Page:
Knowing this information gives you an opportunity to create more content for the audiences you and your competitors are both targeting, or to begin crafting content regarding an area of the law that you and your competitors both advise clients about, but that your competitors haven’t written about for some time.
In addition to frequency and substance, there’s design and typography.
How are the layouts of your competitors’ communications? Are they clean? Do they hurt your eyes? Does they look nice on both your large desktop monitor and your cell phone? On just one? On neither?
Putting the competitive intelligence you’ve learned to good use
By looking at the frequency, substance, and design of your competitors’ email newsletters, you gain competitive intelligence about the “when” and “how” of their outreach to clients and referral sources—and you might even be able to deduce the “why” if it appears your competitors are targeting new practice areas or niches.
(We’ve previously covered how law firms can use content to call their shot like Babe Ruth and tell the world they’re moving into a new practice area or niche.)
And now comes the hard part: what to do with that competitive intelligence?
My suggestion is look for opportunities to pounce on your competitors’ weaknesses.
Do they not publish frequently? You and your firm should publish more frequently than them.
Are they not covering relevant court decisions, legislative developments, and administrative agency actions? You and your firm should.
Is the design of their email blasts terrible? Make yours eye-catching and appealing.
Obviously, what you do with this competitive intelligence will largely depend on your firm, its practices, and your competitors and their practices. But just the fact that you now have competitive intelligence to work with puts you in a better position than before to compete with other law firms.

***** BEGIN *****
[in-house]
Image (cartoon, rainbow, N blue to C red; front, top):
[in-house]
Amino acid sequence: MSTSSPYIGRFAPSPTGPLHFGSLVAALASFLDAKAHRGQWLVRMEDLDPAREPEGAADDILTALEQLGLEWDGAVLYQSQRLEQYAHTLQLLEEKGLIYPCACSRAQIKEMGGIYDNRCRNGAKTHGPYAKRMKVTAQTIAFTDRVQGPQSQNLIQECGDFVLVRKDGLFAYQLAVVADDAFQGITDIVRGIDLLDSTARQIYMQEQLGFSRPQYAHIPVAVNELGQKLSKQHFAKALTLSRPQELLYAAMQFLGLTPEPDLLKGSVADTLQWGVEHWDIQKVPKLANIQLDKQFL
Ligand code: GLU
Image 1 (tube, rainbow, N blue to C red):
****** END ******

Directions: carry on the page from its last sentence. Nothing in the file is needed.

Today, competitive intelligence via email newsletters. Tomorrow, competitive intelligence via [insert method here]?
I’m not suggesting that you and your colleagues receiving email newsletters from your competitors is going to be the end-all, be-all way for you to acquire competitive intelligence about those competitors.
But what I am suggesting is that it is a stupid easy way for you to at least start that competitive intelligence process, and more importantly, help you understand where you should be going with your and your law firm’s content strategy by looking at where your competitors aren’t going with theirs.
Wayne Pollock, a former Am Law 50 senior litigation associate, is the founder of Copo Strategies, a legal services and communications firm, and the Law Firm Editorial Service, a content strategy and ghostwriting service for lawyers and their law firms. The Law Firm Editorial Service sets free the knowledge and wisdom trapped inside Big Law and boutique law firm partners by collaborating with them to strategize and ethically ghostwrite book-of-business-building marketing and business development content.
Thinking about bringing on an outside writer or content strategist to help you build and execute on a content strategy that takes advantage of the weaknesses in your competitors’ content strategies? Click here to schedule a 30-minute Content Strategy Audit to learn if collaborating with an outside writer is the right move for you and your firm.